A dialect from the state’s earliest Spanish-speaking settlers has endured for over 400 years in the state’s remote mountain villages. But its time may be running out.
In a small village in northern New Mexico, some residents still speak the oldest Spanish dialect in the country.
By Simon Romero
Photographs by Desiree Rios
April 9, 2023
QUESTA, N.M. — When the old regulars gather at Cynthia Rael-Vigil’s coffee shop in Questa, N.M., a village nestled in the snow-capped Sangre de Cristo Mountains, they sip lattes and lavender lemonade and gossip in Spanish.
Someone from Mexico City or Madrid sitting at the next table could be hard-pressed to follow their rare dialect. But Spanish speakers from four centuries ago might have recognized the unusual verb conjugations — if not the unorthodox pronunciations and words drawn from English and languages indigenous to North America.
For more than 400 years, these mountains have cradled a form of Spanish that today exists nowhere else on earth. Even after the absorption of their lands into the United States in the 19th century, generations of speakers somehow kept the dialect alive, through poetry and song and the everyday exchanges on the streets of Hispanic enclaves scattered throughout the region.
Even just a few decades ago, the New Mexican dialect remained at the forefront of Spanish-language media in the United States, featured on television programs like the nationally syndicated 1960s Val de la O variety show. Balladeers like Al Hurricanenurtured the dialect in their songs. But such fixtures, along with the dazzling array of Spanish-language newspapers that once flourished in northern New Mexico, have largely faded.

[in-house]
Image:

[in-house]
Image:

Spots like Ms. Rael-Vigil’s coffee shop, where the dialect’s melodic sounds can still occasionally be heard, are few and far between. In places like Albuquerque, New Mexico’s largest city, the dialect is being eclipsed by the Spanish of a new wave of migrants, particularly from the state of Chihuahua in northern Mexico.
At the same time, there are questions about whether the rural communities that nurtured New Mexican Spanish for centuries can themselves last much longer in the face of myriad economic, cultural and climate challenges.
“Our unique Spanish is at real risk of dying out,” said Ms. Rael-Vigil, 68, who traces her ancestry to a member of the 1598 expedition that claimed New Mexico as one of the Spanish Empire’s most remote domains. “Once a treasure like this is lost, I don’t think we realize, it’s lost forever.”